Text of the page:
I’VE NEVER had the experience of going supersonic, but have recently been considering two of the less usual methods of doing so. Given the chance, I’m not sure which I’d have a go at first.
The simple method is that chosen by Austrian adventurer Felix Baumgartner, who had me literally on the edge of my seat when he put himself on the edge of his capsule, itself at the edge of space. I’ve been quietly following progress on the Red Bull project for about three years now, and almost feel like I know the man personally. When the long-range camera showed him tumbling in an uncontrolled manner in the early part of his descent, while travelling at supersonic velocity, I genuinely thought it might all go horribly wrong.
His happy landing was therefore quite a relief – no doubt also to him. With his support crew he has pushed back the boundaries of scientific knowledge, and the fact that it was sponsored by a commercial company and made such compelling viewing does nothing to diminish the value of the achievement.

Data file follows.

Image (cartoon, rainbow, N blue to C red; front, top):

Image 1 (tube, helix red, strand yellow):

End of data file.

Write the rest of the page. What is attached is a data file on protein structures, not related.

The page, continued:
In contrast, yesterday I had the opportunity to get up close and personal with the Bloodhound SSC supersonic car project. In what must surely be the last great challenge of the century-old quest for the ultimate land speed record, this vast double-engined vehicle will attempt to surpass 1000mph, or about Mach 1.3. On land.
There are many similarities between these two supersonic record bids, both of which are at the cutting edge of science and engineering. One major difference is that the Baumgartner’s freefall record was sponsored commercially, by a soft drinks company, while the Bloodhound is sponsored by a consortium including private companies and universities, but also publicly funded bodies like the Army, Royal Air Force, and EPSRC. In these days of austerity, it isn’t immediately obvious why that should be.
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Biological Sample Concentrators & Freeze Dryers
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